Pest Of The Month: Bacterial Blight Of Celery
The initial symptoms are small water-soaked spots on the upper and lower leaf surfaces. As the lesions expand, they are delimited by leaf veins, which give them an angular appearance. In most cases, the lesions become dark brown. However, under dry conditions they may be lighter in color. The close proximity of seedlings and the environmental conditions in the seedbed at that time (hot and rainy weather) contribute to rapid development of the disease.
Lesions may coalesce to cover large areas of an infected leaf, but rarely appear on leaf petioles. Bacterial blight lesions appear similar to lesions caused by the early blight fungus (Cercospora apii), but are typically smaller, darker in color, and have a more water-soaked appearance. The margin of the lesions are more distinct than that of early blight, and chlorosis occurs more slowly. In addition, fungal growth may be observed on early blight lesions under favorable conditions.
Brown stem is a petiole necrosis of celery caused by the same pathogen. Unlike bacterial blight, which is present every year, brown stem is more sporadic, appearing every five or six years. When it does occur, however, it can be severely damaging to the celery crop. Brown stem causes more curling and stalk rot than bacterial blight. The principal symptom of brown stem is a brown discoloration over the entire petiole. Although brown streaks may be seen along the whole petiole, the base of the stalk receives the greatest amount of damage. Symptoms intensify closer to harvest as the plant approaches maturity.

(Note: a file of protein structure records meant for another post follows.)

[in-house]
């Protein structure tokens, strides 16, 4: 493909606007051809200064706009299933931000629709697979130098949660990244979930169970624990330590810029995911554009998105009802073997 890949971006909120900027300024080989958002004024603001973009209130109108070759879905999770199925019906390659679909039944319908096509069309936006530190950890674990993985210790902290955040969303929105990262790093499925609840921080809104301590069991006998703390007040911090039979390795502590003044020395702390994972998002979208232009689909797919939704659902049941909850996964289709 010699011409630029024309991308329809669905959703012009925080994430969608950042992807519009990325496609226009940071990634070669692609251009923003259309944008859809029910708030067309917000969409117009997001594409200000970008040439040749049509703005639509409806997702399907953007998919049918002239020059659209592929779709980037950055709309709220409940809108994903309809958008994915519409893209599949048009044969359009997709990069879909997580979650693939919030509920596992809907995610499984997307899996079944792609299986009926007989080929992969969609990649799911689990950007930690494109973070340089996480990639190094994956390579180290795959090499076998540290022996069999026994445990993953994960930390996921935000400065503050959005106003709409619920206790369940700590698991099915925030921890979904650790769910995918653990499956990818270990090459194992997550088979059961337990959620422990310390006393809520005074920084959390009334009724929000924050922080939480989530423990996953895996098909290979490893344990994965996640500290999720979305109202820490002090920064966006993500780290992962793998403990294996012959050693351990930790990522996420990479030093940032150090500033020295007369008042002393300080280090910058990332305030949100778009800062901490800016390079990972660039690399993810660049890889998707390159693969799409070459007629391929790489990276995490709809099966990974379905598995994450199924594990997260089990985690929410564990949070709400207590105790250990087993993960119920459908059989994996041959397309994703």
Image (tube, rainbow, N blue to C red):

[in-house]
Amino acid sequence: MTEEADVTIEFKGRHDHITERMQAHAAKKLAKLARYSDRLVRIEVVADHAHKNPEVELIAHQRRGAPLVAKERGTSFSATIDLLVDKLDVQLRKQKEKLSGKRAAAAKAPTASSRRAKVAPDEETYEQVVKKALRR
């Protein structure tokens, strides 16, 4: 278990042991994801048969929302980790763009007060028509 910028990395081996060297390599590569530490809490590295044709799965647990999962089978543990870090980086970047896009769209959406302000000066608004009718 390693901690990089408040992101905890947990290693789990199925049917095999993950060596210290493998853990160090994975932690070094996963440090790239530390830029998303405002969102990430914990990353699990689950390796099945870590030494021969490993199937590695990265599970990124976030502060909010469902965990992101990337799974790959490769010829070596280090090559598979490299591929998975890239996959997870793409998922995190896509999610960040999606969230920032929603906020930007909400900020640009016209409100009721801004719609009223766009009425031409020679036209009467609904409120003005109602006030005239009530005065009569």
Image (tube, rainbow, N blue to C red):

Survival And Spread
Bacterial blight is favored by warm and humid conditions, and might be difficult to control during wet weather. The bacteria can be spread from plant to plant by rain, irrigation, or on machinery and people. Symptoms appear within days of the bacteria entering a plant’s tissue through natural openings or wounds. The reasons for the sporadic appearance of brown stem outbreaks are unknown, but are thought to be related to unusually wet winters with high humidity, frequent rainfall, and windy conditions.
In seedbeds, mechanical transmission can be minimized by trimming when foliage is dry. Fertility management is important. Growers should avoid foliar application of nitrogen during warm, wet periods and over-fertilization with soil-applied nitrogen. Minimizing mechanical contact with the plants, once set in the field, also may help reduce spread.
A preventive spray program with copper is the primary tool available to growers for the management of the disease. Unfortunately, strains tolerant to copper fungicides have been reported in South Florida. In addition, streptomycin resistance is still widespread despite very limited use in the Everglades area over the past few decades.